House Democrats have proposed a $2.2 trillion coronavirus relief bill with $120 billion in assistance for small and independently-owned restaurants.

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Restaurants Struggle During Pandemic
Asia Mei, owner of Moonshine 152, poses in her restaurant, which was shut down due to COVID-19, on April 22, 2020.
| Credit: Boston Globe / Contributor/Getty Images

On Monday, House Democrats revealed their second attempt at a coronavirus relief act, a $2.2 trillion package that could be the final attempt at an economic stimulus package before November's presidential election. The 2,152-page bill is a revised, less-expensive version of the Health and Economic Recovery Omnibus Emergency Solutions (HEROES) Act that they proposed in May. 

"This $2.2 trillion Heroes Act provides the absolutely needed resources to protect lives, livelihoods and the life of our democracy over the coming months," House Speaker Nancy Pelosi (D-CA) wrote in a statement. "It includes new funding needed to avert catastrophe for schools, small businesses, restaurants, performance spaces, airline workers and others." 

Pelosi and the Democrat-controlled House of Representatives passed the original $3.4 trillion HEROES Act in the spring, which would've involved sending out a second round of $1,200 stimulus checks, and it also would've allowed the $600-per-week unemployment benefits to continue through January 2021. That bill was swiftly opposed by the Republican-majority Senate. 

This latest version—which has been dubbed HEROES Act 2.0—is expected to cost $2.2 trillion and, like its predecessor, it involves another round of stimulus check and extending $600-per-week unemployment benefits until January. 

"It has been more than four months since House Democrats sent the GOP Senate $3.4 trillion in desperately needed coronavirus relief grounded in science and data, and Leader [Mitch] McConnell hit the pause button," Pelosi said. "Democrats are making good on our promise to compromise with this updated bill, which is necessary to address the immediate health and economic crisis facing America's working families right now.  We have been able to make critical additions and reduce the cost of the bill by shortening the time covered for now." 

HEROES 2.0 also reportedly includes a $120 billion relief package called the “Real Economic Support That Acknowledges Unique Restaurant Assistance Needed to Survive" (RESTAURANTS) Act, which would provide grants for restaurants, bars, food trucks, and other food-service venues to cover the difference between their 2019 revenues and their estimated revenues for each quarter of 2020. 

And according to Nation's Restaurant News, unlike some of the Paycheck Protection Program (PPP) loans that were handed out earlier this year, restaurants or franchises with more than 20 locations would not be eligible for these grants. 

"The revised version of the HEROES Act is the best plan Congress has put forward to protect the livelihoods of the 11 million people employed by independent restaurants across the country,” The Independent Restaurant Coalition said in a statement. 

“Independent restaurants are out of options, and by providing flexible grants based on revenue losses to independent restaurants who need them, Congress can ensure many businesses have a shot at surviving colder weather and getting through the pandemic.”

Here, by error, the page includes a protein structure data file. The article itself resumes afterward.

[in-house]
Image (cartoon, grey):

Some of the other provisions in the updated legislation include: 

  • Providing additional support for small businesses, by improving the Paycheck Protection Program (PPP) and providing additional loans for "hard-hit businesses." It also pledges "targeted assistance" for the restaurant industry. 
  • Allocating $75 billion for coronavirus testing, contact tracing, and treatment, with a focus on communities of color; it also ensures every American will have access to free coronavirus treatment 
  • Protecting workers by requiring the Occupational Safety and Health Administration (OSHA) to require every workplace to have an implementable "infection control plan" that is based on guidelines issued by the CDC. 
  • Extending the $600-per-week federal unemployment payments through January, and preventing unemployed workers from "exhausting their eligibility" for benefits. These provisions "[provide] a vital safety net for the record number of Americans who are unemployed, including those connected to the gig economy," a summary of the bill's provisions says. 
  • Increasing the maximum allowable SNAP benefit by 15 percent, and providing additional financial support for nutrition programs that "help families put food on the table." It also pledges to provide "targeted support" for farmers and food producers. 

According to Politico, Pelosi and Treasury Secretary Steven Mnuchin discussed the bill on Monday night and were scheduled to talk again on Tuesday. "“I think we can find our common ground [...] but he has to come back with much more money to get the job done,” Pelosi said during an appearance on MSNBC. “So, I’m hopeful. I’m optimistic.”

If they cannot come to an agreement, then the House Democrats are expected to hold their own vote on the bill later this week. That's likely all that will happen will regard to the bill before Election Day, adding further undue worry for all to those in the restaurant and service industries who are increasingly desperate for help.